2. I am also hopeful about UK emerging church. There are some clear negative examples of what you are talking about. I know of some churches that have all but disappeared. But i think there are number of more "traditional" churches, who are emerging churches in practice. They are more organic, less centralised, focussed on Jesus, missional, relational/community ...

3. On Mars Hill, it is fascinating. You probably know more about it than i do. I also think there is a place for larger churches. I really agree with you in your post, that we can't have a vision for small church. I do wonder though if a large church in the UK will look very different from in the US. Maybe a large church will be made up of lots of smaller ones - lots of different communites, who meet in different ways, under one banner. That might be the shape of mega-church in postmodern culture.

Alastair said...

Point taken re Brian. I don't want to be hard on him, and I have only read two of his books (Orthodoxy and the Last Word). I did think that in the Last Word he did a very good job a deconstructing the doctrine of hell, but really didn't leave folks with much of a reconstruction. I found the best part of the book to be in the appendix, where he offers a tentative reconstruction of the doctrine. I find he asks lots of questions, but doesn't provide (m)any answers. That's what I was getting at when I implied or said that he was good at deconstruction but not good at putting it together again!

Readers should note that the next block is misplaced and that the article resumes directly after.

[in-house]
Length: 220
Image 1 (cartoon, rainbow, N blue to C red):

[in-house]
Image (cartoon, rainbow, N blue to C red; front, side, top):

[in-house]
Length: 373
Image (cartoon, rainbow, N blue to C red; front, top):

I do think that something similar to your vision of the UK megachurch will emerge...I've often thought the same. Or at least, I hope something like that will emerge!

Rupert Ward said...

Yes ... i think you are right that mclaren doesn't always give many or any answers. Sometimes i find that helpful ... when i have defined thoughts on something, and his questions challenge the status quo. But it can be anoying too ... when i would like him just to say what he is thinking - but that is probably exactly why he doesn't do that (can't be pigeonholed!).

Alastair said...

Agreed. He is the exact opposite of Mark Driscoll in this regard, and it comes as no surprise to me that there has been tension between the two of them!

Anonymous said...

Totally ignorant nonsense. Why anyone with half a brain would believe in 2000 year old myths and fairytales is beyond me. Get a brain!